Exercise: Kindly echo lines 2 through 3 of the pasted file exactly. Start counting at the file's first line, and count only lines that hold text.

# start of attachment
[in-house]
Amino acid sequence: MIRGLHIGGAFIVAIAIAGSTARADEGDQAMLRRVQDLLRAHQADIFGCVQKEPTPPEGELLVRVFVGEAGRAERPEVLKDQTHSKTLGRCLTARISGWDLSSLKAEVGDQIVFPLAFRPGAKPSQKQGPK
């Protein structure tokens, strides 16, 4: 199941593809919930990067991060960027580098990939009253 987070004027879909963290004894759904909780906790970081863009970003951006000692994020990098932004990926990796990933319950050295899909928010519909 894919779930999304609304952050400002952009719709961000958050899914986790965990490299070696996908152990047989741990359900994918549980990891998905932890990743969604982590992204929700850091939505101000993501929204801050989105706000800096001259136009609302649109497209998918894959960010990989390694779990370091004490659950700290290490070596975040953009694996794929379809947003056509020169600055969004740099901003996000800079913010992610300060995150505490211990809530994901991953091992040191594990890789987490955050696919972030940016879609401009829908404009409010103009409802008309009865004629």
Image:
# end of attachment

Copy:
Amino acid sequence: MIRGLHIGGAFIVAIAIAGSTARADEGDQAMLRRVQDLLRAHQADIFGCVQKEPTPPEGELLVRVFVGEAGRAERPEVLKDQTHSKTLGRCLTARISGWDLSSLKAEVGDQIVFPLAFRPGAKPSQKQGPK
């Protein structure tokens, strides 16, 4: 199941593809919930990067991060960027580098990939009253 987070004027879909963290004894759904909780906790970081863009970003951006000692994020990098932004990926990796990933319950050295899909928010519909 894919779930999304609304952050400002952009719709961000958050899914986790965990490299070696996908152990047989741990359900994918549980990891998905932890990743969604982590992204929700850091939505101000993501929204801050989105706000800096001259136009609302649109497209998918894959960010990989390694779990370091004490659950700290290490070596975040953009694996794929379809947003056509020169600055969004740099901003996000800079913010992610300060995150505490211990809530994901991953091992040191594990890789987490955050696919972030940016879609401009829908404009409010103009409802008309009865004629």